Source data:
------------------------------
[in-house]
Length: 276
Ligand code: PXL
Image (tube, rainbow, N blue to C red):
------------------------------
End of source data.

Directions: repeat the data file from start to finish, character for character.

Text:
[in-house]
Length: 276
Ligand code: PXL
Image (tube, rainbow, N blue to C red):